Thursday, October 1, 2015

Who Bans Books? Governments

In Tuesday's post, I mentioned how the development of the printing press and the growth of the printing industry helped spread both literacy and, to the chagrin of the papacy, the ideas of the Protest Reformation. Part of the Church's response to the wider dissemination of ideas antithetical to Church doctrine was to create the Index Librorum Prohibitorum, a list of dangerous authors and works that good, pious people should stay away from and that local authorities should bar and destroy.

The Church wasn't the only institution threatened by the burgeoning printing industry. Thanks to printing presses, writers who were critical of government could easily and cheaply distribute their gripes to waiting minds around the world.

Not that the church and the state were necessarily separate entities. In general, kings ruled by divine right, not secular right. In 1534, when King Henry VIII established the Church of England, he set the reigning monarch — himself at the time — as the Supreme Governor of the Church of England. (This is still true.) Similar structures were well established throughout Europe, so that criticism of the monarch was also criticism of God, a heretical act. Nonetheless, as printing became more common, so did criticism, which rulers who wanted to retain their rules felt compelled to suppress.

And suppress it they did. One way to control the printing industry was to require licenses for printers to legally publish works. In England in 1557, the right to print was restricted to two universities, Oxford and Cambridge, and to the existing 21 printers in London. This allowed the Crown to keep close tabs on what information was being disseminated.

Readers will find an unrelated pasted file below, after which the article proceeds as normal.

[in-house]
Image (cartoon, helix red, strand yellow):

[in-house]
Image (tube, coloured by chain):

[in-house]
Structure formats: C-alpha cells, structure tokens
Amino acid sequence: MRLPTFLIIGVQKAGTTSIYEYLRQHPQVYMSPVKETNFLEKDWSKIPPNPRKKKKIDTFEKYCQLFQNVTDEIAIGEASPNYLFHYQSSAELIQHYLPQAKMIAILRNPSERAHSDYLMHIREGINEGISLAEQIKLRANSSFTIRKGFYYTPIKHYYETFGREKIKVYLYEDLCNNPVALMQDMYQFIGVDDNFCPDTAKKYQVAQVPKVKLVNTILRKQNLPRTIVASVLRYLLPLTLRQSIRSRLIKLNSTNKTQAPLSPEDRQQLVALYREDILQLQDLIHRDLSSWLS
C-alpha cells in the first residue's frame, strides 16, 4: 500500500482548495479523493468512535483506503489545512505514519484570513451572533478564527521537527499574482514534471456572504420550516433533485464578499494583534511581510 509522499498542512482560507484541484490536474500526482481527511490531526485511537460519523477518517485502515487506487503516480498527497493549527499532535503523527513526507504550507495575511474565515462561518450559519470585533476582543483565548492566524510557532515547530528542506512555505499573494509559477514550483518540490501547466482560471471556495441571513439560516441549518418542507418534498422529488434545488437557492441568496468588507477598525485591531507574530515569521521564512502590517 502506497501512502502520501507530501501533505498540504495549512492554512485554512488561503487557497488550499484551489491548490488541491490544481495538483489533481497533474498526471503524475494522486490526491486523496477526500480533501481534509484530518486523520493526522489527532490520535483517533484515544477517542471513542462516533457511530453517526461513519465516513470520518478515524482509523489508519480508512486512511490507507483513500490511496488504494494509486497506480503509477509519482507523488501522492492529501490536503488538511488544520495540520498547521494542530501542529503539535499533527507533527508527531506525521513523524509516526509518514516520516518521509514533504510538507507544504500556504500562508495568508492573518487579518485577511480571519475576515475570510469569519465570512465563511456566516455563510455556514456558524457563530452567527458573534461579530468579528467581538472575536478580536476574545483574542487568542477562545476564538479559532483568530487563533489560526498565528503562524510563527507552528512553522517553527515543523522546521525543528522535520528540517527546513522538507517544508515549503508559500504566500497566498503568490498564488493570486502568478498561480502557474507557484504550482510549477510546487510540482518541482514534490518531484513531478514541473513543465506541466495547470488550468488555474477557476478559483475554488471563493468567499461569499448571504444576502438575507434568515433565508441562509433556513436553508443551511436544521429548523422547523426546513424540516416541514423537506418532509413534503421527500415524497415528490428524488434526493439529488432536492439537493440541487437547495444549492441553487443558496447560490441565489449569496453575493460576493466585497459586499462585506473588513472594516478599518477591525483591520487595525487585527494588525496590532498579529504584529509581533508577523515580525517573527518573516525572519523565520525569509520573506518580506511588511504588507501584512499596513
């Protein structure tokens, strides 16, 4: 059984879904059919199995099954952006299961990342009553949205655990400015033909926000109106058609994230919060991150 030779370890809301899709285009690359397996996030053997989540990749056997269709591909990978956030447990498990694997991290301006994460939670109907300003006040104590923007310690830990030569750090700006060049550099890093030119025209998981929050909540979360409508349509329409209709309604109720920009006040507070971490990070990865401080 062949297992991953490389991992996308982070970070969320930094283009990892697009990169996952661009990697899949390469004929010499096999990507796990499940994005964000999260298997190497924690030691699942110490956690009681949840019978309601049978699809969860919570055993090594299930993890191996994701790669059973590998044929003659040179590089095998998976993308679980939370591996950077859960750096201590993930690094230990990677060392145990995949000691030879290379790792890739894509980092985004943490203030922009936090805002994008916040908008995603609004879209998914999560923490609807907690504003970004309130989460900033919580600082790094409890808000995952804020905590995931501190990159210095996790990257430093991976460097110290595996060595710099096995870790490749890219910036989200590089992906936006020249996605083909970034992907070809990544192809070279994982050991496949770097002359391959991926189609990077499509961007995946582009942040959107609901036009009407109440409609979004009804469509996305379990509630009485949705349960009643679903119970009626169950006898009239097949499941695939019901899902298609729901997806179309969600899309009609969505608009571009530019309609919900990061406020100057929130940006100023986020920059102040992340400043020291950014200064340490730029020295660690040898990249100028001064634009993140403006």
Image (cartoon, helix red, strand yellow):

Governments also created laws that allowed authorities to inspect all books coming into the country, to confiscate any that did not meet "official" requirements, and even to prosecute the writers, printers, or distributors of those books that were critical of the Crown or that violated the doctrine of whichever Church the current monarch favored.

And when that didn't work, there was always prison.

In 16th-century England, King
Henry VIII always "wore it best,"
or some fashion writer went to the
Tower of London.

According to The Bastille: A History of a Symbol of Despotism and Freedom, between 1661 and 1789, 683 people were imprisoned in the Bastille "for production and distribution of banned writings." Voltaire was sentenced to almost a year in the Bastille in 1717 for some of his satirical writing. Between 1774 and 1789, in the run-up to the French Revolution, almost a third of the prisoners in the Bastille had been incarcerated for composing, printing, or selling unlawful writings. Sure, many of these people were imprisoned for trying to turn a profit from lewd and lascivious writing, but their numbers did include some political Enlightenment figures, such as Jacques-Pierre Brissot and Louis-Pierre Manuel.

And you can find similar stories from other countries at that time.